The Railway Man takes its title and plot elements from Eric Lomax's autobiographical book about his tragic involvement in one of WWII's more brutal chapters: the construction of the Burma Railroad (also known as the Death Railroad) by the Imperial Japanese Army in 1942-43 using pressed labor from Asia and Allied POWs.
That monstrous project, later accounted a war crime, was also the subject of David Lean's POW epic The Bridge on the River Kwai in 1957.
Lean's classic is something of a picnic compared to The Railway Man, which contains horrific scenes of torture.
The story takes place in two time frames. Colin Firth plays the older Lomax in the '80s as a somewhat dotty and fussy railway enthusiast. ("Not a trainspotter!" he takes pains to point out.) He meets and marries Patti (Nicole Kidman), a former nurse who can't get through the honeymoon before discovering her husband is deeply disturbed.
Why? We find out in the flashbacks to 1942, where a boyish Lomax (War Horse's Jeremy Irvine) is captured in the Fall of Singapore and eventually handed over to the Kempeitai, the Japanese equivalent of the Gestapo.
The alternating story line is frustrating for half of the film, because the wartime scenes are far more powerful visually and dramatically. The modern events seem dry and torpid by comparison.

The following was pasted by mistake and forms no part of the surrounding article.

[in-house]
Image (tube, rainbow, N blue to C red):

Rather late in the game, the rationale for the unbalanced structure emerges, as Lomax's army buddy (Stellan Skarsgard as an old man; Sam Reid in the camps) informs him one of his worst tormentors (Hiroyuki Sanada in the present; Tanroh Ishida as a soldier) is still alive.
Here the script, in the service of suspense, takes some rather bold liberties with actual events, but it pays off sensationally, if briefly.
Beautifully acted, The Railway Man is profoundly moving, and yet, somehow, its sentimental ending manages to be both unearned and predictable.
Directed by Jonathan Teplitzky. With Colin Firth, Jeremy Irvine, Nicole Kidman, Hiroyuki Sanada. Distributed by the Weinstein Co.
Running time: 1 hour, 56 mins.
Parent's guide: R (graphic torture scenes).
Showing at: Ritz Five and Ritz Voorhees. EndText